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Predictors of de-escalation of P2Y12 inhibitors to clopidogrel in patients with acute myocardial infarction treated with percutaneous coronary intervention

Key takeaway

This retrospective study, the first study to detail the reasons for P2Y12 inhibitor de-escalation revealed that:

  • Patients with AMI treated with PCI were frequently de-escalated to clopidogrel prior to discharge following initial treatment with potent P2Y12 inhibitor
  • De-escalation was performed because of clinical/non-clinical factors and reasons were poorly documented by the clinicians, representing an area for improvement

Why this matters

  • In patients with ACS undergoing PCI, potent P2Y12 inhibitors ticagrelor and prasugrel have shown superior efficacy in reducing ischemic complications and stent thromboses vs clopidogrel, but with an increased bleeding risk.*
  • Patients treated with more potent P2Y12 inhibitors are often deescalated to clopidogrel; however, the reasons were not well defined in the existing literature or registries.

This study assessed the incidence and predictors of in-hospital de-escalation from a potent P2Y12 inhibitor to clopidogrel in a cohort of patients with AMI PCI.

Study design

A retrospective study was conducted in two tertiary centers at USA using data obtained from the electronic health record and institutional NCDR CathPCI.

Patients included

Consecutive patients who received ticagrelor or prasugrel loading dose for AMI PCI with a drug eluting stent between Jan 2015 and Mar 2019 who survived to discharge.

Analyses

Patients de-escalated to clopidogrel were compared with those who remained on potent P2Y12 inhibitors through the time of discharge.

Data evaluated

  • The risk of bleeding prediction for all patients were determined using the PRECISE-DAPT score.
  • Manual chart review of all patients was performed to identify the documented reason(s) for P2Y12 de-escalation.

Key results

Of the 1,818 included patients in the overall cohort, 1,146 (63%) patients underwent P2Y12 inhibitor de-escalation. (age = 65.1 ± 13.1 years; men = 69%)

Patients characteristics

Patients on medications
  • Ticagrelor = 92%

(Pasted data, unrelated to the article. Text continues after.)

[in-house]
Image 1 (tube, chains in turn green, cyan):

• Prasugrel = 8%
De-escalation group vs No De-escalation group  
Age 65.1 years vs 63.7 years  
Black Race 6.0% vs 2.3%  
Caucasian Race 91% vs 94.6%  
Diabetes Prevalence 30.2% vs 37.2%  
Private Insurance 76.0% vs 83.2%  
Bleeding Risk Similar in both groups
PCI Complexity Less complex PCI
Patient History†
  • A significant number of patients with history of myocardial infarction (20.4%), prior PCI (21.6%), were de-escalated (P <0.001)
  • The pre- and post-PCI hemoglobin, creatinine, and post-procedure bleeding events were similar in patients in both the groups
  • No difference in de-escalation rates by clinical presentation, STEMI vs non-STEMI
  • Patients receiving glycoprotein IIb/IIIa inhibitor were less likely to be de-escalated (P = 0.034)
 

Factors Associated with De-escalation

Positive Association
Older Age
  • OR: 1.2 (95% CI: 1.08–1.34), P = 0.001
Negative Association
Caucasian Race
  • OR: 0.5 (95% CI: 0.33–0.77), P = 0.002
Prior MI
  • OR: 0.7 (95% CI: 0.5–0.97), P = 0.032
Bifurcation Lesion Intervention
  • OR: 0.71 (95% CI: 0.53–0.95), P = 0.019
Greater number of Stents
  • OR: 0.82 (95% CI: 0.75–0.91), P = 0.0001
  • There was no change in rates of de-escalation over time during the study

Decision for De-escalation

  • Not documented in 75.9% of patients
  • Among those with a documented reason, the most common reasons were:
  • Medication cost = 14.9%
  • Bleeding risk = 6%

Key limitations

  • High number of patients de-escalated without a documented reason.
  • Data on patient preferences were not collected.
  • This study was not powered to analyze separately ticagrelor and prasugrel, and lesion subsets such as left main or chronic total occlusions.

* Evidence suggest that tailoring antiplatelet regimens based on patient’s bleeding and ischemic risk may improve outcomes than a universally applied strategy

 While prevalence of known coronary artery disease was high and they were at ischemic risk

Abbreviations

ACS, acute coronary syndrome; AMI, acute myocardial infarction; CI, confidence interval; MI, myocardial infarction; OR, odds ratio; PCI, percutaneous coronary intervention; STEMI, ST-segment elevation myocardial infarction.

Reference

  1. Williams MU, Lang WR, Wark T, Ovide G, Mitsuyama R, Kadiyala V, et al. Predictors of in-hospital de-escalation of P2Y12 inhibitors to clopidogrel in patients with acute myocardial infarction treated with percutaneous coronary intervention. Cardiovasc Revasc Med. 2022:S1553-8389(22)00055-0. doi: 10.1016/j.carrev.2022.01.029. Epub ahead of print. PMID: 35181265.

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MAT-IN-2301961 - 09/2023